What the Blue Jays can expect from the No. 5 pick based on draft history

With the Blue Jays selecting 5th overall in Wednesday’s MLB draft Jamie Campbell, Shi Davidi, Ben Nicholson-Smith and MLB Pipeline’s Jim Callis preview what to expect, the impact of going from 40 to 5 rounds and which Canadians could hear their name.

On Wednesday, the Toronto Blue Jays will make their most important draft pick in more than 20 years.

The club’s fifth-overall selection is its top pick since 1997, it’s at a point in its competitive cycle where it still needs to add a piece or two to its core, and the heavily-truncated 2020 draft means it can’t compensate for early-draft blunders with late-round gems.

Suffice it to say, there’s a lot riding on this pick. In recent weeks, the Blue Jays have been linked to college pitchers like Max Meyer and Emerson Hancock, college second baseman Nick Gonzales and even the draft’s top prep bat, Zac Veen. It’s impossible to know with confidence who they’re going to go with — even the Blue Jays’ front office won’t know for sure until they see how the first four picks fall. Supposing we knew who the team was going to pick, projecting that player before they make a professional appearance would still be a fool’s errand.

So, what can we do to try and predict how much this pick will mean to the Blue Jays?

In order to get an idea of the kind of player they’re likely to come away with, we’ve got to look at a little bit of draft history. It’s easy to say the fifth-overall pick has yielded superstars like Buster Posey (2008) or Dwight Gooden (1982) as well as busts like Christopher Lubanski (2003) and Justin Wayne (2000). That gives us a sense of the possible outcomes, but not what’s fair to expect.

To do that, I looked at every draft since 2000 — a proxy for the start of the modern drafting era where statistical analysis was combined with traditional scouting, and a nice round number — to see how players drafted in the fourth-to-sixth-overall range panned out. I expanded the range to increase the overall sample size from 20 to 60, and because players drafted in that area of the draft tend to be similarly considered elite talents, but not generational ones.

To break it down a little further, I divided the players into the four major categories of draftees: college pitchers, high school pitchers, college hitters and high school hitters. What follows is an overview of what the Blue Jays can expect from their top pick on Wednesday, depending on what type of player they opt to select:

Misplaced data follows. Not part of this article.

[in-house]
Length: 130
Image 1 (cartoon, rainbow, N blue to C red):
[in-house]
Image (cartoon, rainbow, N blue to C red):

College Pitchers (2020 Example: Emerson Hancock, Max Meyer, or Reid Detmers)

Players: 21

Total MLB seasons: 100

MLB WAR: 77.1

Combined hardware: three All-Star appearances

Notable names: Andrew Miller, Brandon Morrow, Drew Pomeranz, Ricky Romero, Kevin Gausmann

Notable names for the future: A.J. Puk and Brendan McKay

Analysis: College pitchers are supposed to be “safe” picks, especially high in the draft, and that’s borne out here as only two of these 21 pitchers never reached the majors (Josh Carp and Barret Loux). That said, there is far more mediocrity than star power here. Based on their MLB careers, you’d never have guessed that guys such as Tim Stauffer, Ross Detweiler, or Brad Lincoln were top picks, even if they did carve out MLB careers. There are some elite relievers here, but no franchise building blocks — even if Romero looked like he might reach those heights with the Blue Jays.

Of the top-10 pitchers in MLB by WAR in 2019, three were drafted out of college at higher than fifth overall (Gerrit Cole, Steven Strasburg, Justin Verlander), three were later-round picks (Lance Lynn, Jacob deGrom, Shane Bieber) and three were drafted out of high school (Zack Greinke, Charlie Morton, Lucas Giolito). Only one, Max Scherzer, was a college pitcher taken at a similar spot (11th). That doesn’t prove anything definitive, but it does seem that it’s hard to find an elite ceiling with a college arm that is collectively well thought of, but not deemed worthy of a top-three pick.